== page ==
## 17.3 Outline

- Definition of apportionment
- The apportionment process
- upper quota
- lower quota
- standard divisor
- standard quota
- quota rule

- Adams’ plan
- definition
- modified divisor
- modified quota

- Jefferson’s plan
- Hamilton’s plan
- Webster’s plan
- Hungtington-Hill plan
- arithmetic mean
- geometric mean

- Summary of apportionment methods

## 17.3 Essential Ideas

To find the **standard divisor** divide the total population by the shares (or number of representatives). To find the **standard quota** divide the total population by the standard divisor.

**The Quota Rule**

The number assigned to each represented unit must be either the standard quota rounded down to the nearest integer, or the standard quota rounded up to the **nearest integer**.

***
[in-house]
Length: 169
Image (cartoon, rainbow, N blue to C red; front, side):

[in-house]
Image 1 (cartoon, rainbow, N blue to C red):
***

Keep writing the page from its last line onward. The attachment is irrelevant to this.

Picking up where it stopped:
**Adams’ Plan
**

Any standard quota with a decimal portion must be **rounded up **to the next whole number. Use a *modified divisor* to come up with the appropriate number of seats.

**Jefferson’s Plan
**

Any standard quota with a decimal portion must be **rounded down **to the next lower whole number. Use a *modified divisor* to come up with the appropriate number of seats.

**Hamilton’s Plan
**

The standard quotas are **rounded down**, but each must be at least one. Give additional seats, one at a time, until no seats are left. These are given, in order, to the states with the largest fractional parts of their standard quotas.

**Webster’s Plan
**

The standard quotas are **rounded to the nearest** whole number using the *arithmetic mean*. Use a *modified divisor* to come up with the appropriate number of seats.

**Huntington-Hill’s (HH) Plan
**

The standard quotas are **rounded to the nearest** whole number using the *geometric mean*. Use a *modified divisor* to come up with the appropriate number of seats.